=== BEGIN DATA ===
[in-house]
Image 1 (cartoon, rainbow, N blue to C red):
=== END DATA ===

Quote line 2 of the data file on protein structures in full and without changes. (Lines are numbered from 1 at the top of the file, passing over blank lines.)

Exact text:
Image 1 (cartoon, rainbow, N blue to C red):